This is another important accessory that we might like to consider, as we previously discussed, we wrote how raised beds are particularly dry by nature and need irrigating every now and then. Along with setting up and assembling our bed frames, we now know that watering raised beds is part of the norm, especially just after planting, as this time is critical to the survival and establishment of our plants and vegetables. We can set up a rainwater harvesting unit for these purposes, which won’t cost the earth, but will serve to address all of the irrigation concerns for our raised bed gardens.
We have all seen the barrel at the end of the garage or at the end of the out-house, which down through the years collected the rain water and this was subsequently used to provide for most of our water requirements. Our forefathers were clever when it came to issues like this used whatever means that were at their disposal to get by. This method may suit us today, depending on how many raised beds we have or what sizes they are. Some other factors to take into account are, the country and climate that we live in, also what we are planting and growing, as some crops require more water than others.
The primary objective of harvesting rainwater today, may be for our garden needs, maybe its for washing the car, we may have some animals that require water or it may be for the purpose of power-hosing the house, yard or outhouses and for general uses like that. To have a reserve for these purposes is not a very difficult task to achieve, for starters, the good old 40 gallon steel drum or barrel will always help, but today there are more technical and efficient methods and devices for this purpose. Companies and businesses are nowadays coming up with great ideas and solutions to everyday problems and the great thing about these water harvesting containers is that they are not very expensive to buy. They can be purchased at all hardware or plumming stores and they can also be sourced online. The investment in one of these utensils or containers will pay us back handsomely over time and will be well worth every penny.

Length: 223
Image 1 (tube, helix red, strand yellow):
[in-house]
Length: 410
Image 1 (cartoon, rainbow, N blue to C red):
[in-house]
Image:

Earlier on, on this website we spoke about where to locate and situate our raised garden beds and one important factor in this discussion was, that we assemble our bed frames as near as possible to a water source for these specific reasons. In some second-hand stores and junk yards we can get these plastic drums, wheelie bins or small dumpsters which were used for commercial use once upon a time and now these containers will be very suitable for the purpose of harvesting rainwater. In fact the plastic drums are more efficient and better suited, as they are easily plummed and they are probably more hygenic as well. The steel barrels are prone to rusting and will probably spring some leaks after being out in the elements over time.
Plumming and setting up rainwater tanks;